Abstract: The problem of recognizing text in images taken in the wild has gained significant attention from the computer vision community in recent years. Contrary to recognition of printed documents, recognizing scene text is a challenging problem. We focus on the problem of recognizing text extracted from natural scene images and the web. Significant attempts have been made to address this problem in the recent past. However, many of these works benefit from the availability of strong context, which naturally limits their applicability. In this work we present a framework that uses a higher order prior computed from an English dictionary to recognize a word, which may or may not be a part of the dictionary. We show experimental results on publicly available datasets. Furthermore, we introduce a large challenging word dataset with five thousand words to evaluate various steps of our method exhaustively. The main contributions of this work are: (1) We present a framework, which incorporates higher order statistical language models to recognize words in an unconstrained manner (i.e. we overcome the need for restricted word lists, and instead use an English dictionary to compute the priors). (2) We achieve significant improvement (more than 20%) in word recognition accuracies without using a restricted word list. (3) We introduce a large word recognition dataset (atleast 5 times larger than other public datasets) with character level annotation and benchmark it.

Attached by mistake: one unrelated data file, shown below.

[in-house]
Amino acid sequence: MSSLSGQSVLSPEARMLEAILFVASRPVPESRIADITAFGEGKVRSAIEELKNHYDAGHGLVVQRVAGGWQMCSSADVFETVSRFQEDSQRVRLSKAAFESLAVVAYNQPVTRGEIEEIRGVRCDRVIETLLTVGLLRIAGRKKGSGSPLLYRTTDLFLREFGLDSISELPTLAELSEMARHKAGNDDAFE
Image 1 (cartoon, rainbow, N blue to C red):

••16 Jun 2012